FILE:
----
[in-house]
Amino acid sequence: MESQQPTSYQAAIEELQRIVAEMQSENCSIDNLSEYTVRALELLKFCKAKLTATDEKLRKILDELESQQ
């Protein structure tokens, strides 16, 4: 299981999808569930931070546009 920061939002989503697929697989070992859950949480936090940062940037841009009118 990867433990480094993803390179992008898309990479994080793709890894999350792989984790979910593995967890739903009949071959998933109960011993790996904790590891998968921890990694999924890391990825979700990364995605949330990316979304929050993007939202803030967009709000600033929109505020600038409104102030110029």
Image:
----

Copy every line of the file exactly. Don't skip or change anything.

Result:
[in-house]
Amino acid sequence: MESQQPTSYQAAIEELQRIVAEMQSENCSIDNLSEYTVRALELLKFCKAKLTATDEKLRKILDELESQQ
């Protein structure tokens, strides 16, 4: 299981999808569930931070546009 920061939002989503697929697989070992859950949480936090940062940037841009009118 990867433990480094993803390179992008898309990479994080793709890894999350792989984790979910593995967890739903009949071959998933109960011993790996904790590891998968921890990694999924890391990825979700990364995605949330990316979304929050993007939202803030967009709000600033929109505020600038409104102030110029």
Image: